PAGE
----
In a post last week I wrote about Bill Gates’ new book How to Avoid A climate Disaster. One of the criticisms of Gates’s book is his tremendous confidence in technological development. For many environmentalists, the idea that we can engineer our way out of the mess that our engineering has made is not only wrong but also might give people the idea that they do not have to change behavior in order to avoid climate change and other potential problems.
Another controversial figure who makes a similar argument is Bjorn Lomborg, the author of False Alarm, Cool It, and the Skeptical Environmentalist. Bjorn does not deny climate change but thinks we would be better off spending money on other more immediate problems facing humanity and spending heavily on energy research.
My own view is that we need to take steps to accelerate the transition to a low carbon economy and that engineering and fundamental scientific research is key to that effort. One particular promising set of technologies are sometimes referred to as Frontier Materials.
Frontier or advanced materials are defined as “Any material engineered, processed or synthesized, to provide enhancement in functionality or presents novel properties compared to conventional materials for a given application in a specific industry”.
While this definition might sound a bit esoteric, the fact is that defining the class of newly engineered materials is actually quite difficult. One of them, for example, is Graphene which was produced in 2004 by Konstantin Novoselov and Andre Geim. Graphene is essentially a two-dimensional material made of a single layer of carbon atoms arrayed in a mesh. Maxine is very strong and conducts electricity very, very well. Verge science has a 7-minute video on the stuff you can watch here.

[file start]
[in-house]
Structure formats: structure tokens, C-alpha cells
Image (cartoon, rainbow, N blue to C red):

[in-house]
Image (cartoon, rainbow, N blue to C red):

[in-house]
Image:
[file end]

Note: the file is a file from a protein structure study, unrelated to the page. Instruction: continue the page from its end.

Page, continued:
Mxenes are another class of materials which are only a few atoms think and have additional characteristics. These and other Frontier Materials are able to do things that the normal building blocks of our world such as silicon, steel, and cement simply can not.
While the science is fascinating if a bit difficult to follow, the reason I am interested in Frontier Materials is what can be done with them particularly concerning some of the challenges facing humanity today.
In terms of the planet, these materials have the potential to revolutionize the way we store and consume energy, harness the potential of space to solve problems here on earth, and also drastically reduce the energy required to manage the enormous amounts of data we are and will produce as time goes by.
For people, these materials can make wearable electronics as well as a number of promising medical applications that can improve the quality of life for millions around the world.
Frontier Materials can also desalinate water at a fraction of the energy currently required and can also be used to build the sensors needed to efficiently manage resources in the smart cities of the future.
To explore these and other applications of Frontier Materials, the AMPT, which brings together some of the leading research institutes in the world, is organizing a conference called Matter 2021. The virtual forum will be held on April 28 and 29th.
You can learn more about the event and its agenda here.